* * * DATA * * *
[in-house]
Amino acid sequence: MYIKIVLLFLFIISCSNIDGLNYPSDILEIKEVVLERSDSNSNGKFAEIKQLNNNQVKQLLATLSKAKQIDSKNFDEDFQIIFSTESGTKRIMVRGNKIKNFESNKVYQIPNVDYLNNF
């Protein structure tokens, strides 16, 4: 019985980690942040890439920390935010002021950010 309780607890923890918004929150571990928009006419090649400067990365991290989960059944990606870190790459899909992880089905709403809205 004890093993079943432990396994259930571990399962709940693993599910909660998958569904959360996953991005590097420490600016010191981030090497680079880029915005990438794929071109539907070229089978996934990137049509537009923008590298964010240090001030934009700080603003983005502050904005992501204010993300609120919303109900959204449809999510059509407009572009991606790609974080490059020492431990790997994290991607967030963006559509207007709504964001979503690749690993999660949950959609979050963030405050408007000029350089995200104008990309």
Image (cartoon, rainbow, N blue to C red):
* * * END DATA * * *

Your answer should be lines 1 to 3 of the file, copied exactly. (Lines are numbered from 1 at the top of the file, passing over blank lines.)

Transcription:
[in-house]
Amino acid sequence: MYIKIVLLFLFIISCSNIDGLNYPSDILEIKEVVLERSDSNSNGKFAEIKQLNNNQVKQLLATLSKAKQIDSKNFDEDFQIIFSTESGTKRIMVRGNKIKNFESNKVYQIPNVDYLNNF
């Protein structure tokens, strides 16, 4: 019985980690942040890439920390935010002021950010 309780607890923890918004929150571990928009006419090649400067990365991290989960059944990606870190790459899909992880089905709403809205 004890093993079943432990396994259930571990399962709940693993599910909660998958569904959360996953991005590097420490600016010191981030090497680079880029915005990438794929071109539907070229089978996934990137049509537009923008590298964010240090001030934009700080603003983005502050904005992501204010993300609120919303109900959204449809999510059509407009572009991606790609974080490059020492431990790997994290991607967030963006559509207007709504964001979503690749690993999660949950959609979050963030405050408007000029350089995200104008990309």